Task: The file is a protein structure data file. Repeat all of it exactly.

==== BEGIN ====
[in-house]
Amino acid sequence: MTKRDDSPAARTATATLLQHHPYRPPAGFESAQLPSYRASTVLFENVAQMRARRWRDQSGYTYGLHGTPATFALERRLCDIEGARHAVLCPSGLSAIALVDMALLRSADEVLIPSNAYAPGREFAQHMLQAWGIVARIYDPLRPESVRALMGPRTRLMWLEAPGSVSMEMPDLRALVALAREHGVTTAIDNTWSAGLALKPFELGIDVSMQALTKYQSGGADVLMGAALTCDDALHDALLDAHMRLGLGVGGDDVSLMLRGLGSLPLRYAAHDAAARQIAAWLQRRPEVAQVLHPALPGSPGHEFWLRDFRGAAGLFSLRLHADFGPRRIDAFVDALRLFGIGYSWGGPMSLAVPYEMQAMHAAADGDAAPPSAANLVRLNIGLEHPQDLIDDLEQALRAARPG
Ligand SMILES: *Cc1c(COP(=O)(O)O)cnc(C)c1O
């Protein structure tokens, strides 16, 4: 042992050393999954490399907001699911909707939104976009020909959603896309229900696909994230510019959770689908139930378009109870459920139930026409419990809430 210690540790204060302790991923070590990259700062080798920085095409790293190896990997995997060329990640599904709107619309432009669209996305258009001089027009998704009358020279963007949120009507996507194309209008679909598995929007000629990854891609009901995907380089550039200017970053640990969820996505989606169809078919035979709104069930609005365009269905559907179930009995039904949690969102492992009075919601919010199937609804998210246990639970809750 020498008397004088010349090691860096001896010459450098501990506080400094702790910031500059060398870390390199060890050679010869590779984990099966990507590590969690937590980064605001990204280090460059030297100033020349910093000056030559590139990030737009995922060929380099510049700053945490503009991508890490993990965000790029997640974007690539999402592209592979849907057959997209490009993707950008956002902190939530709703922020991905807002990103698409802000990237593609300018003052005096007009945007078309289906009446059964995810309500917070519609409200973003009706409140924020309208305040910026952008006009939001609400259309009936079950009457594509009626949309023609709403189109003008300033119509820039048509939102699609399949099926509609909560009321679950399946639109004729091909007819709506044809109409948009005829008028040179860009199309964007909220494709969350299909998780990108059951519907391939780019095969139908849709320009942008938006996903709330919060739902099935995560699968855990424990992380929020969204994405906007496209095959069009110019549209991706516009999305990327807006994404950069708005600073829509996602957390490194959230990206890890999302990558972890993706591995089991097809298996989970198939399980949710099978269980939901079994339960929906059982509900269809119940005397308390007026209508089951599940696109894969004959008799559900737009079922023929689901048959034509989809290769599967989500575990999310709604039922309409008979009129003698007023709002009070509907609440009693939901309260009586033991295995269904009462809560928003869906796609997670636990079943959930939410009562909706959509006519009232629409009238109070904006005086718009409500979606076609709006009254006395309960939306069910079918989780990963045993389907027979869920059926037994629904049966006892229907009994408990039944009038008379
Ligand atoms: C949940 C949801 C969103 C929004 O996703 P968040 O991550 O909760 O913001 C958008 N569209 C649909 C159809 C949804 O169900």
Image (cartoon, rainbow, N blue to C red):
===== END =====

[in-house]
Amino acid sequence: MTKRDDSPAARTATATLLQHHPYRPPAGFESAQLPSYRASTVLFENVAQMRARRWRDQSGYTYGLHGTPATFALERRLCDIEGARHAVLCPSGLSAIALVDMALLRSADEVLIPSNAYAPGREFAQHMLQAWGIVARIYDPLRPESVRALMGPRTRLMWLEAPGSVSMEMPDLRALVALAREHGVTTAIDNTWSAGLALKPFELGIDVSMQALTKYQSGGADVLMGAALTCDDALHDALLDAHMRLGLGVGGDDVSLMLRGLGSLPLRYAAHDAAARQIAAWLQRRPEVAQVLHPALPGSPGHEFWLRDFRGAAGLFSLRLHADFGPRRIDAFVDALRLFGIGYSWGGPMSLAVPYEMQAMHAAADGDAAPPSAANLVRLNIGLEHPQDLIDDLEQALRAARPG
Ligand SMILES: *Cc1c(COP(=O)(O)O)cnc(C)c1O
């Protein structure tokens, strides 16, 4: 042992050393999954490399907001699911909707939104976009020909959603896309229900696909994230510019959770689908139930378009109870459920139930026409419990809430 210690540790204060302790991923070590990259700062080798920085095409790293190896990997995997060329990640599904709107619309432009669209996305258009001089027009998704009358020279963007949120009507996507194309209008679909598995929007000629990854891609009901995907380089550039200017970053640990969820996505989606169809078919035979709104069930609005365009269905559907179930009995039904949690969102492992009075919601919010199937609804998210246990639970809750 020498008397004088010349090691860096001896010459450098501990506080400094702790910031500059060398870390390199060890050679010869590779984990099966990507590590969690937590980064605001990204280090460059030297100033020349910093000056030559590139990030737009995922060929380099510049700053945490503009991508890490993990965000790029997640974007690539999402592209592979849907057959997209490009993707950008956002902190939530709703922020991905807002990103698409802000990237593609300018003052005096007009945007078309289906009446059964995810309500917070519609409200973003009706409140924020309208305040910026952008006009939001609400259309009936079950009457594509009626949309023609709403189109003008300033119509820039048509939102699609399949099926509609909560009321679950399946639109004729091909007819709506044809109409948009005829008028040179860009199309964007909220494709969350299909998780990108059951519907391939780019095969139908849709320009942008938006996903709330919060739902099935995560699968855990424990992380929020969204994405906007496209095959069009110019549209991706516009999305990327807006994404950069708005600073829509996602957390490194959230990206890890999302990558972890993706591995089991097809298996989970198939399980949710099978269980939901079994339960929906059982509900269809119940005397308390007026209508089951599940696109894969004959008799559900737009079922023929689901048959034509989809290769599967989500575990999310709604039922309409008979009129003698007023709002009070509907609440009693939901309260009586033991295995269904009462809560928003869906796609997670636990079943959930939410009562909706959509006519009232629409009238109070904006005086718009409500979606076609709006009254006395309960939306069910079918989780990963045993389907027979869920059926037994629904049966006892229907009994408990039944009038008379
Ligand atoms: C949940 C949801 C969103 C929004 O996703 P968040 O991550 O909760 O913001 C958008 N569209 C649909 C159809 C949804 O169900």
Image (cartoon, rainbow, N blue to C red):